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How Can Kids and Young Adults Make Money?

Children and young adults often have difficulty finding ways to make some money for things they would like to buy or for savings. This is a guide about how can kids and young adults make money?

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How Can Kids and Young Adults Make Money?
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February 24, 2012 Flag
2 found this helpful

My daughter is 13 and keeps asking to do babysitting. I don't really know if I should, because what if something happens (eg. child starts to choke). She really wants to start earning her own money.
Please help.

By someone

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February 24, 20120 found this helpful
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I think you should consider letting your child try baby sitting. Just give her some "musts" for any sitting job she takes.

Must 1 - get the information of where the parent or parents are going and have a phone number for that location

Must 2 - get a cell phone number from the parent or guardian as well. This is not the same as the first 'must'. Some people talk so much on their cell phone that most of the time you try to call them the line is busy.

Must 3 - have a number for a reliable nearby neighbor she can call or even run to if there is a problem.

Must 4 - make sure she gets all important information concerning the child, allergies, asthma, favorite toy/doll to help distract the child when parents leave.

These aren't new ideas they are just very important ideas for a young child to take to heart. The first sign of trouble and the worse thing that can happen is panic sets in. If the child has all these numbers plus the knowledge of 911 and any situation can be handled.

A 13 year old is very capable of babysitting for short periods of time but they aren't used to being responsible and to maintain attention on another. I wouldn't recommend she have any sitting jobs longer than 3 hours until she has had a couple jobs under her belt.

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Anonymous Flag
September 9, 20160 found this helpful

let her take a babysitting class so she knows what to do if something like that happens.

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April 23, 2014 Flag

It is a very valuable lesson for kids to work for what they want. Here are 10 great ways for kids to earn money.

1 — Wash Cars

Whether you do a large scale car wash or just offer to wash the cars of family and neighbors, it is a great way to earn money.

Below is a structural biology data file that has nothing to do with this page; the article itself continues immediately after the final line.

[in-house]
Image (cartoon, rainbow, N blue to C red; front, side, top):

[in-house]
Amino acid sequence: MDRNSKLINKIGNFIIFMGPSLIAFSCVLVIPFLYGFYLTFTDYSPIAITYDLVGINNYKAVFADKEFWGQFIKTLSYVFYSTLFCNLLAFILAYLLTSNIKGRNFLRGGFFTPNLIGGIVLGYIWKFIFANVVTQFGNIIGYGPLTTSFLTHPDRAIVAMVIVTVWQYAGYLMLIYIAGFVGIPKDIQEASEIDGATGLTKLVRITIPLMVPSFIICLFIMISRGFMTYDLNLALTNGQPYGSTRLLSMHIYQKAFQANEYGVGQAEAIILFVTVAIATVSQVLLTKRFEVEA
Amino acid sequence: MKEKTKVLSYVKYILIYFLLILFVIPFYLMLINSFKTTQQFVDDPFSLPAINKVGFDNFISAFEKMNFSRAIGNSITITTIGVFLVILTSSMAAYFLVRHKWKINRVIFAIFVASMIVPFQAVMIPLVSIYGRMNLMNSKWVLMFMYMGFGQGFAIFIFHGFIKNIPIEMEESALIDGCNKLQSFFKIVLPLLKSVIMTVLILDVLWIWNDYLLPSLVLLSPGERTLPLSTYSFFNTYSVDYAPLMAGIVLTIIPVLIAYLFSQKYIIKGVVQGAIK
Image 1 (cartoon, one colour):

Young teen boy washing the car.

2 — Do Chores

Many people don't have time to get everything done around the house. Offering to help at home or helping out someone you know, can be a great way to earn a few bucks.

Young teen girl washing dishes.

3 — Lemonade Stand

With summer just around the corner a lemonade stand can be a great opportunity, particularly for younger kids.

Kids selling lemonade.

4 — Become a Lifeguard

If you live in an area with lakes or public pools, lifegaurding can be a great way to earn some money.

Teen girl at the beach wearing a lifeguard hoodie.

5 — Pet Sitting and House Sitting

Pet sitting (or house sitting) can be a great job to help out family, friends, and neighbors. Being able to drive can make it easier to take on multiple jobs at once.

Teen girl with a black dog.

6 — Babysitting

Babysitting can be a fun and easy to find way to earn money. Many families are in need of a babysitter. If you enjoy kids, this is a great way to earn money.

Older boy and two younger boys making faces.

7 — Mowing Lawns

Many people are more than happy to let someone else mow their lawn. Offering to help mow someone's lawn can save them a lot of money on yard service, while helping you to make some extra money.

Teen girl mowing the lawn.

8 — Tutoring Younger Kids

Tutoring is a great job for older teens. Helping out another student can help them out with a difficult class, while allowing you to reinforce your knowledge of subject.

Older girl tutoring a young boy at the library.

9 — Throw a Yard Sale

Whether you just have a few things to sell, or you offer to organize a larger sale that includes other people's stuff, yard sales are a good way to declutter your room and make some money.

People at a yard sale.

10 — Yardwork

Yardwork can be difficult for some people, due to lack of time or health reasons. Offering to help your family or a neighbor can be a great job that allows you to be outside while earning money.

Teen girl with a wheelbarrow.
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December 27, 2010 Flag

I'm a teen in high school trying to earn money. The down side is the economy is really bad right now, so that isn't helping me find or earn money for college. I live in the country so it is kind of hard to do a newspaper route or shovel snow because local plows are every where and more efficient than what I probably could do. If you have any ideas please comment.

By bunny_puppy_animal lover from MI

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January 2, 20110 found this helpful
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Hmm... if you're not too proud to do the "dirty work," I'm sure there will be a lot of people willing to pay you. Muck out stalls at a nearby farm, or offer to "pooper-scoop" for people who don't or can't do it for their own pets.